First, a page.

Glogs of War And Beauty - English Class uses new technology to fulfill a novel discussion

  • GLOGS of War, And Beauty

    English Class uses new technology to fulfill a novel discussion

     

    Enthusiasm—along with a cheese tray—circled the computer lab on this special day as the 12th-grade English students celebrated the premier of their class project Glogs.**Glog?  (While BLOG is short for Web Log, for those of us who are unfamiliar with the lingo, GLOG is shortened from CyBorglog which by general definition is a first-person recording of an activity in which the person doing the recording is an active participant.)

    Using the popular Web 2.0 tool, Glogster, the seniors in Mrs. Jennifer Sohl’s English class were excited about viewing their finished, two-part collages or digital posters. Their assignment had been to make personal “life-connections” with the topical issues raised in the assigned novel The Things They Carried by Tim O’Brien.

    Prior to creating the Glogs, the students had class discussions in which they explored the ways O’Brien’s novel juxtaposes beauty and brutality to convey the conflicting experiences of war. In addition, as a way to extend their understanding, students watched video clips of first-hand accounts, which effectively impressed them with the oxymoronic and also ironic “beauty” of war.

    Their Glog assignments had two parts: In the first part, the students created collages that portrayed the Vietnam War according to the novel by Tim O’Brien. In the second, the students chose specific aspects from 21st Century America, such as the fashion world, dreams, growing up, the environment, the ocean, as well as from their personal lives, that juxtaposed both beauty and brutality.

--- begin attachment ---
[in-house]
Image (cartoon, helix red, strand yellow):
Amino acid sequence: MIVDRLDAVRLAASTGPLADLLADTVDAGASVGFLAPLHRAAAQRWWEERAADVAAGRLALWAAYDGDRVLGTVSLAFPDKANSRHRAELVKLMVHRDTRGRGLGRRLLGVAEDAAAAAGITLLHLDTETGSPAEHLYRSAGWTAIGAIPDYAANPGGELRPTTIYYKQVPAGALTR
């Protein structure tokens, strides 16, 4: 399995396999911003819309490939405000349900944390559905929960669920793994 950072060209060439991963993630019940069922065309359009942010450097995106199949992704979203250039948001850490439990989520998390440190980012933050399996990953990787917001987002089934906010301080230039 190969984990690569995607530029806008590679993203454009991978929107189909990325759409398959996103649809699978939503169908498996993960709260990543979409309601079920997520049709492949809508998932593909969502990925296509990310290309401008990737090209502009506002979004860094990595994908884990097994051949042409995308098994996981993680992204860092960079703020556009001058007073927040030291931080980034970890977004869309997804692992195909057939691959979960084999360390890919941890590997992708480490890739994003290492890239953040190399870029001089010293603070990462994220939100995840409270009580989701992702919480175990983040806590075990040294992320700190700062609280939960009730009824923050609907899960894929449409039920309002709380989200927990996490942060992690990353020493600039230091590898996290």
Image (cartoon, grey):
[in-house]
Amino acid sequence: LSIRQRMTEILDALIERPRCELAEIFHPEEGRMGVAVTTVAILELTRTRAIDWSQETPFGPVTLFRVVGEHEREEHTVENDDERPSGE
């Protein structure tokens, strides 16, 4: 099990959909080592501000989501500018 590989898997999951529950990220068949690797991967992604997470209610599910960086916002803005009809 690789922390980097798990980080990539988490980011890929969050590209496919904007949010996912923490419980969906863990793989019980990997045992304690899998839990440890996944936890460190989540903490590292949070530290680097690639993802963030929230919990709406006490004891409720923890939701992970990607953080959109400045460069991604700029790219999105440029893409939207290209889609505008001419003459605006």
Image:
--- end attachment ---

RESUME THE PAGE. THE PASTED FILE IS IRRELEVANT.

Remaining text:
While their projects were recorded in Glogster, the students were required to produce a paper, for grading purposes, which offered reflections on the pieces they created. In their writing assignments, the students were asked to give their thoughts about the composition of images and words within their collages, to explain what they hoped to convey to the viewers within their design styles, images, words, and general theme choices. They also had to identify the themed messages behind their collages and include its title.

    One student, who especially related to the novel because his brother is now serving in Afghanistan, wrote: “I know what it is like to not want your brother to leave, and I would also give him anything or do anything to bring him home.  The pictures I chose showed the relationship between us, and how close we are, and he would do anything for me.”

    Another student quoted John F. Kennedy on his Glog, “Let every nation know, whether it wishes us well or ill, that we shall pay any price, bear any burden, meet any hardship, support any friend, oppose any foe to assure the survival and the success of liberty.”

    Enjoyable as it was, it was not all play during the premier celebration. Mrs. Sohl asked her students to rate at least six of their peers’ Glogs. Demonstrating their new depth of understanding derived from this assignment, the students proficiently reviewed the Glogs and evaluated aspects, such as what held the greatest impact within the Glogs, and which was their favorite or least favorite part of the Glogs.

    In addition to receiving tremendous educational value from the assignment, the students also gave so much more to viewers with their extremely creative and thoughtful Glogs.

    Click on the video link below to view the students’ reactions in their own words during the Glog premier.

     

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